I honestly wasn't sure if I'd like the décor on Uniworld's new vessel Antoinette - like it as in want to spend a lot of time in it.
It is very heavy; certainly not the light, bright look that more and more ship designers are going for.
Having been on for three nights, for the naming and a short cruise over the IJselmeer to Hoorn (a man from there named Cape Horn apparently) I am in two minds.
When I joined Antoinette in Amsterdam, it was moored right up against River Queen, another of Uniworld's boats, and it was right outside my window. What with the heavy upholstery and lack of light, my cabin was like the black hole of Calcutta.
These pictures of the cabin, above, were taken at 3.30pm when it was broad daylight outside. I certainly didn't want to spend time in it.
But when we set sail and the sun came shining through the window it was a completely different room. It was lighter and altogether more appealing. For seven nights? Absolutely I'd like it - it really is so very different - but always keeping my fingers crossed that my side of the ship was never moored to another boat.
The beds are super-soft and the bathroom is sumptuous, with gorgeous fluffy towels. Just a shame the floor floods big time every time I shower because there is only a very small seal - not up to the job - to hold back the tide.
Antoinette has gone back to the shipyard as it is very unfinished in places and there's time to do something about that as the first paying passengers don't come on until March 27.
I imagine flooding bathrooms is one of the things they will try to rectify, as well as filling nail heads and hopefully fixing the cracked mirror in my bathroom and getting the bedside lights to work.
I don't have a balcony, but I have a large floor-to-ceiling window that opens half way from the top down. And all I have to do is push a button for it to happen.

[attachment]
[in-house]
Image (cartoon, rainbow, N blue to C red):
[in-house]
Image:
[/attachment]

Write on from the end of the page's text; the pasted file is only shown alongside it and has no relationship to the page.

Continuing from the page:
Very nice but I'm not convinced it's better than having the traditional French windows opening to a Juliette balcony (that is one you can't stand on).
It's also not as unique as they say as I have been on another river cruise boat with a window that opened half way before. The difference was that the window was smaller and I had to open it manually.
In the suites, there is a French window and a piece of room that looks like a balcony with a wooden floor instead of the carpet and then the half-opening window. It's a sort of balcony lookalike as it's totally enclosed on the top.
What was different on Antoinette was the Leopard Bar, a great venue on the sun deck that was rocking with a live singer and late-night revellers after dinner on Saturday, the plush cinema, which I believe is a first on a river cruise boat, and the gorgeous spa pool, in a room with floor-to-ceiling glass windows so you get the warmth and the view - and there are cushioned loungers to make it perfect.
The same cushioned loungers are on the top deck which is a very luxurious touch.
There are also two massage rooms - or at least there will be when the vessel is finally finished (at the moment one is being used as a store room, as is the small gym).
I had a one-hour full body massage courtesy of Ionela from Romania and it was lovely. There were no price lists but she tells me it's roughly €1 per minute so the treatments are not cheap but at least she didn't waste time as they do in the big spas, asking daft questions ("have you had a massage before?" "have you tried these [expensive] products?") and arranging the room to look beautiful, so I felt I got my money's worth.
Importantly, the food and service on Antoinette was first class and definitely lived up to Uniworld's five-star claim. One waiter in the dining room quickly remembered I liked sparkling water, another waiter fetched the Pinot Grigio white wine when he saw me.
I've was also impressed at how easily the chef was able to provide alternative meals - and really tasty ones at that - because I couldn't eat the fish dishes (usually there is a choice but we had two celebration fixed menus).
"It's easy to claim five-star but not so easy to deliver," Toni Tollman said.
Surely no river cruise operator would do that. Would they?
Antoinette will be sailing a seven-night Castles of the Rhine cruise between Amsterdam and Basel starting on March 27. Click here for more information.